What’s the biggest obstacle you’ve encountered in your work?

Scientists often don’t think to create programs with results that will have longevity beyond the research period, he said.

The goal of global public health is to take interventions that scientists already know work and find innovative ways to implement them in various regions based on culture and other values. “It’s not about just looking at what works," Ezeanolue said. "A lot of projects we’ve seen work, but they’re not sustainable. So, we’re working on designing projects with sustainability in mind from the outset. If we get people to start getting mammograms, how do we get them to keep going when the researchers leave?”

Common misconception about HIV?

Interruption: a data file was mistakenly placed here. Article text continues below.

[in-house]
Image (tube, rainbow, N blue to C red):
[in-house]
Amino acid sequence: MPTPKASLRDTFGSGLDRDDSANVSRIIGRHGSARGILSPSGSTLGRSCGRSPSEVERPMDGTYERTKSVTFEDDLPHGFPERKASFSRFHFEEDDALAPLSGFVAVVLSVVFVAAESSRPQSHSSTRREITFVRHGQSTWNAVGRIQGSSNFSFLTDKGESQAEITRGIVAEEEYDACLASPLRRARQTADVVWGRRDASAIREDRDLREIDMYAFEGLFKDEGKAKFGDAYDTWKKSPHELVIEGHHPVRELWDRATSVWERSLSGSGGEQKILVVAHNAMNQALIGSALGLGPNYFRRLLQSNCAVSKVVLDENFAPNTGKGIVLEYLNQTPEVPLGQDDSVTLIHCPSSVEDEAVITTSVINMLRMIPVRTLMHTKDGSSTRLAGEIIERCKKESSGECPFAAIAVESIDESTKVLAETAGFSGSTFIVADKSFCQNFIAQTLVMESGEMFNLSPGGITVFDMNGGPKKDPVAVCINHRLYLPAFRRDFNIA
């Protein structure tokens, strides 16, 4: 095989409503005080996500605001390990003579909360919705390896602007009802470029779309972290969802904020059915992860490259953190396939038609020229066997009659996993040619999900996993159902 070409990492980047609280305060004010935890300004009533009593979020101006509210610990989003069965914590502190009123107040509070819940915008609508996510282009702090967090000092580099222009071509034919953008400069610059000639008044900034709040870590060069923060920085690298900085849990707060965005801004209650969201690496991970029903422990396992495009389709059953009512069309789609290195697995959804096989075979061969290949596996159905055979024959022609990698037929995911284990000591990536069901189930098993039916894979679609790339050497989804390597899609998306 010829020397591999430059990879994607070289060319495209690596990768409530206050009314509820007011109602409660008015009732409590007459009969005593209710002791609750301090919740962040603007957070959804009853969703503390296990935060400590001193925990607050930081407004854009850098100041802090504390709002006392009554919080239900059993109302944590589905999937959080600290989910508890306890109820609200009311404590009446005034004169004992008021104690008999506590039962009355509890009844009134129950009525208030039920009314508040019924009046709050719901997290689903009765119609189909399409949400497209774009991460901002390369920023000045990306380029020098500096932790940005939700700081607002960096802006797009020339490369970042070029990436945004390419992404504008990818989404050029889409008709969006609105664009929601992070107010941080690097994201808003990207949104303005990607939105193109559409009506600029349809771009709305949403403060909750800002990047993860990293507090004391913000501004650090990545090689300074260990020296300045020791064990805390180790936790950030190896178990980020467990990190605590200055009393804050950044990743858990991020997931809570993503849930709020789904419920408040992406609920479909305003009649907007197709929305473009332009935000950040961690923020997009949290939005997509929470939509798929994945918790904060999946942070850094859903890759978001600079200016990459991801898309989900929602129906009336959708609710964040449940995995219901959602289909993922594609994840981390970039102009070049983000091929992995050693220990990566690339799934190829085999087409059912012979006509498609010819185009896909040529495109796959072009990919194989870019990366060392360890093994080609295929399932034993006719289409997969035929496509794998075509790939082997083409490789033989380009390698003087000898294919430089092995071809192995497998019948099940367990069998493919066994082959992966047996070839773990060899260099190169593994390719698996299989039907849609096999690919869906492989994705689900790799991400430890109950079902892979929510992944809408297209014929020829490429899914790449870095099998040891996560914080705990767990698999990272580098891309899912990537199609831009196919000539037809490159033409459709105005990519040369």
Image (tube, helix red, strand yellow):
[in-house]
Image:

“That people don’t want to be tested. That’s not really true. It depends on how the testing is presented to them. For example, one of the things we did in Nigeria was couple it with testing for sickle cell and hepatitis. That way, you remove the stigma that’s associated with HIV testing, which is the biggest obstacle. If you find a way to present the testing in a way that is not stigmatizing, it actually increases the chance that people will get tested and, of course, testing is the first step to any prevention.”

Do you think you’ll see a cure in your lifetime? What’s standing in the way of a cure?

“I actually believe in my professional lifetime that we’re going to see a cure. There is so much progress that has been made. There’s a better understanding of how the virus is transmitted. So I think we’re going to see a cure in one of two ways: Preventing people from getting infected in the first place, or eradicating the virus once people get infected. In the meantime, we know enough already to stop the spread of HIV as an epidemic: We need to work on interventions.”